In the mining industry, the increasing demand for machine- and systems-level connectivity and interoperability has led to the requirement of communication protocols that are capable of standardized information exchange. OPC Unified Architecture allows to define instantiable, SDK-agnostic information models, thereby fulfilling this requirement. At its core, the OPC UA Companion Specification Mining provides type definitions for mining machines, equipment, systems and services. Making use of the object-oriented nature of OPC UA information models, similar mining machine and system type definitions may also inherit their common features, such as variables, objects, events etc., from parent types. Furthermore, OPC UA is capable of integrating horizontal (Machine-To-Machine) as well as vertical (Machine-To-Superordinate System) communication patterns and exchanges. An overview of the CS Mining document structure is given in Chapter 4.2. An overview of the OPC UA Companion Specification Mining Use Cases is provided in Chapter 5. These will be heavily extended in future revisions of this OPC UA Companion Specification.

This section briefly introduces the multi-level document structure of the OPC UA Companion Specification Mining. The multi-level document structure is shown Figure 1. From this figure it becomes apparent, that the companion specification’s structure follows a three-level hierarchy. Every document in this hierarchy corresponds to precisely one OPC UA information model. Notably, the document hierarchy reflects the direction of type inheritance in this companion specification. Examples of this inheritance pattern are given further below.


Figure 1 – Structure of the OPC UA Companion Specification Mining

The document numbering of the OPC UA Companion Specification Mining ranges from 40560 to 40569. Parts 40561 to 40569 make use of a multi-part numbering scheme, meaning these documents consist of sub-parts. For example, part 40561-1 and 40561-2 are sub-parts of 40561. Furthermore, the parts 40561 to 40568 are used to classify similar type of mining machines and systems into disjunct groups which are structured regarding the core process steps of mining. The machines are integrated into this structure according to the main task performed by the machine. For instance, loading machines, such as hydraulic excavators or mining shovels, are classified to be sub-part documents of the OPC 40562 Loading Equipment multi-part document. Within the OPC UA Companion Specification Mining, there are nine such multi-part documents which are presented in Annex B as machine- and system-category-level documents. Figure 2 shows the relationship between the automation pyramid and the document structure, illustrating the possibility of integrating horizontal and vertical communication elements within the OPC UA Companion Specification Mining. The Numbering of the different machine level categories is based on the mining core process steps beginning with extraction.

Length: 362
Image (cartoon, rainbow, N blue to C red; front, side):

By definition, the first sub-part of any multi-part document, e.g. OPC 40561-1, 40562-1 or 40567-1, serves as an introduction to a set of similar type of mining machinery or systems and therefore defines parent types common to all such machines and systems. For instance, the Hydraulic Excavator machine, as defined by the HydraulicExcavatorType in OPC 40562-2, makes use of some methods, variables etc. of a parent type, called LoadingMachineType, that is defined in the machine-category document OPC 40562-1. The Hydraulic Excavator is defined as loading equipment even if it is also used for extraction purposes. The main criteria of classification depend upon the main purpose of a machine, which is loading in case of the Hydraulic Excavator. An overview of the existing multi-part documents is provided in Annex B.

Following the same logic as above, the industry-level document OPC 40560 at the top of the hierarchy in Figure 1 defines terms, types and conventions used throughout and available to all subsequent machine-category- and machine-level documents. An example of this inheritance pattern is the abstract MiningEquipmentTyp, as defined in Chapter 7.1 of this document, which serves as a parent type for any machine-level types.

One exception to the above stated rules is OPC 40569 which describes the Application and Use Cases of the machines and systems covered in this Companion Specification.


Figure 2 – Mapping of the automation pyramid to the document structure

As mentioned above, OPC UA offers state-of-the art security mechanisms to prevent information sent via the OPC UA protocol to become compromised. OPC 10000-2 describes security measures and possible attack vectors. As OPC UA is aiming to be used throughout all levels of automation, the need for a strict information security architecture becomes apparent.